The Mercury/Venus Expedition

On the morning of August 11th I awoke at 3:30am to photograph
Venus and Mercury, which were rising in the northeast at about 5:00am.
I also wanted to attempt to observe some Perseid meteors.

As soon as I got coffee started I went outside . It was a glorious morning.
Not a cloud in the sky and the full moon about 35 degrees above the horizon and heading west.
I packed up my gear, filled my thermos and was on the road in short order.

I decided to go to Tiki Beach in Vermilion. The park closes at dusk
but I decided to pull up to the gate and park.
Hopefully, the Vermilion PD would not make me leave.

I arrived at about 4:15 and to my chagrin the entire sky was totally cloud covered.
Low, swift clouds were flying in from the north, and were being propelled by
what I estimated to be a 35 mile an hour steady wind from the north.

Look at my camera strap.
It slapped me in the face a few times, and I was beginning to
consider it a lethal weapon.
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While clouds covered 80% of the skydome that morning, they refused to cover the full moon.
I would have gladly welcomed a large thick cloud to cover up the moon's glaring light,
but hey, if astronomy were that easy it would probably be boring.
Here's a shot of my scope, with the full moon happily shining away behind me.

I watched for perseids through holes in the clouds, but alas, the effort was in vain.
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As the morning progressed I could see some clearing in the north, so decided to hang around.
Finally about 5:45am I got a glimpse of Venus through a hole in the clouds.

In the first shot you can see that my camera dutifully found a bright object to focus on and carried out it's task.
Unfortunately it focused on the end of my telescope. I quickly switched to manual focus and had time for one more shot
before Venus was again obscured by clouds. As you can see in these photos, dawn is fast approaching.

Venus remained visible for about 5 minutes and I attemped to get a shot through the scope.
I shot about a dozen images, but only one turned out halfway decent. The remainder were oblong because of the
high winds buffeting the scope.


Finally, the sun popped up on the horizon. It was a glorious sunrise.
I shot 65 photos of the sunrise and gathered them up into a little gif file.

Thus ended the Venus expedition. If it's clear I'll try again tomorrow.
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Well, I did not get a clear morning again until Tuseday, August 15th.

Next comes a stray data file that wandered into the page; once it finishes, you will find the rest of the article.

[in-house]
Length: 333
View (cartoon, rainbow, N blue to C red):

And then it was only partially clear.
By this point in time the planets are beginning to seperate and I had to wait for Mercury to rise above my
obstructed horizon. When it did it was lost in a very slow moving cloud.
I rushed down the road a ways and found my shot.
Right over top of Chase bank on Rt. 57 in Lorain.
Here's the money shot, first, as I saw it, then with a little cropping.
    

ENDNOTES:
1) The Upper planet is Venus, the lower is Mercury.
2)  Since they both lie on the ecliptic it's easy to see what it looks like at 41 degrees latitude.
3) The 1st photo on this page was taken with an Olympus Stylus 710 digital camera.
4) The remainder were shot with an Olympus E-500 Digital SLR w/various digital lens configurations.
5) The telescope is a Meade 8" LX6 SCT  and the close up of Venus was shot at prime focus.
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The animation was made by shooting 65 images @ ~ 25 second intervals.
I put the camera in auto exposure mode so it could adapt to the different light levels.
The photos are unretouched. The only mod I made was reducing the size of the images
so the animation could be kept under 2Mb.
I used Animation Shop Pro (comes with Jasc Paint Shop Pro) to compile the animation
and produce the title, start and end sequences.
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AFTERWARDS:
Well, I thought this page was finished until the morning of the 16th. I was on my way to work
and realized it was a clear morning. I pulled off the side of the road and finally got the two planets
in a pristene, clear, nearly dark sky.


...THE SAGA CONTINUES...

On August 22nd, 2006 Venus, Saturn, Mercury and the New Moon will be rising early in the north east
just before sunset. I set out to capture the event, but alas, my pesky cloud got in the way again.
(Seems like that happens a lot, doesn't it?)

I patiently watched Venus rise high in the morning twilight and finally, as the sky began brightening
the crescent moon worked it's way up out of the cloud,

Sadly, the cloud hung in there and was still in the way when the sun became bright enough to obscure the crescent moon from view.
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The three planets will remain in close proximity for another few days and I will continue to try and capture the grouping.
On the 27th and 28th saturn will approach Venus and overtake it. On the morning of the 27th saturn will be just below Venus
and on the 28th it will be above Venus.

On both mornings they will be close enough to be captured in the same telescope eyepiece  with a wide field lens.
I'll try to capure it, but will be fighting morning twilight (and probably my friendly cloud!) in the attempt.